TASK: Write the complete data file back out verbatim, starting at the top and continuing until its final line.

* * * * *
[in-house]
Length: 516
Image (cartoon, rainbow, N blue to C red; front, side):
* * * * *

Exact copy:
[in-house]
Length: 516
Image (cartoon, rainbow, N blue to C red; front, side):